Tracking your employees’ location can be a sensitive topic. Employees may argue that it’s an invasion of privacy, that it’s micromanaging, or that it’s just plain unnecessary.
But having access to your employees’ locations and records of their historic locations can be an incredible asset for your business. It can help with creating more accurate estimates for time to complete jobs and can provide proof of employees being on-location in the event of a dispute.
All this being said, there is a right way to track your employees’ location that minimizes pushback and maximizes effectiveness.
We all love data, but how much data do you actually need when it comes to employee location? Every business is different, so this is your opportunity to do a quick self-audit to determine how much information you actually need.
Do you need each individual employee’s location or crew’s location?
Can foremen or crew leaders manage their crew’s locations or does each individual employee need to manage their location?
Do you need constant location tracking or point-in-time location information (specific to clock-ins and clock-outs, for example)?
Do you need locations to be tracked during working hours only? Or is there a reason you’ll need after-hours locations too? (there may be some legal limitations to consider)
Do you need exact locations or approximate locations?
To alleviate pushback from employees, you want to aim for getting only the necessary amount of information that you need.
There are a number of ways to track your employees’ location – some more accurate than others.
You can rely on paper timesheets where employees can manually fill out where they were throughout their day and how long they were at each location. This method has the lowest level of accuracy and largest margin of error. Since there is no way to verify this information, you’ll rely heavily on your employee’s ability to accurately and honestly report where they were and when.
If you use company vehicles, you have the option to use tracking software to track the location of your fleet. While this may not provide employee-specific location if employees carpool, it provides accurate location information for where your fleet is and when. You’ll have historic records of where each vehicle was at, and can generally tie it to which employee or crew is responsible for the vehicle.
You can also utilize employee tracking apps. Employee GPS tracking apps can be a great solution if you’re looking for employee-specific location data. These apps provide solutions for businesses to track locations, clock-ins and clock-outs, and on-location crew management.
🔍 Related Read: What to Look for in an Employee Tracking App
While not all employee tracking apps are created equally, these apps tend to be the most reliable way to track your employees’ location.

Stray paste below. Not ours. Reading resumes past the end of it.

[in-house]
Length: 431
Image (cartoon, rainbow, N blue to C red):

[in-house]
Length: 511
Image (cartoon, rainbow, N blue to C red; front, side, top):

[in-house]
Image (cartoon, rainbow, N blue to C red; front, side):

The laws surrounding location tracking vary state to state. It’s best to look at your state and local regulations to determine what your limitations are.
If you’re using an app to track your employees’ location, you’ll want to consider which devices are used to run the application.
Will you be using computers, tablets, or phones?
Will employees be expected to use their personal devices?
Will the company provide devices to every employee?
Will the company provide devices to managers, crew leaders, and foremen?
If employees are using personal devices to utilize the tracking app, location should not be tracked off the clock. However, if they’re using company-owned devices, these devices are usually allowed to be tracked both on and off the clock as they are company property. Again, it’s best to check your local laws to determine what level of tracking is permitted in your state.
If you’re wanting to track your employees’ location, it’s arguably the most important step to get their consent. Not only does this help resolve any legal issues, it also helps get your employees on board for location tracking.
Share why you are using location tracking in your business. When they understand why their location is being tracked, they’ll understand how it will impact the company in the future.
Explain what the benefits of location tracking are.
Explain what they can expect the process to look like as an employee.
Explain what data will and won’t be collected.
Explain how the data will be saved and shared.
Explain how the data will be used.
Explain why policies are the way they are.
Explain the expectations you have for using the app.
Explain how the app works.
Explain the process for troubleshooting and support.
Informed employees are going to be more likely to use these applications accurately.
Above all else, you want to make sure that your employees consent to being tracked, understand what information you’ll see as their employer, and know how this information will be used. Make sure that you are compliant with state and federal privacy laws. And find an app that works well for your business’s specific needs.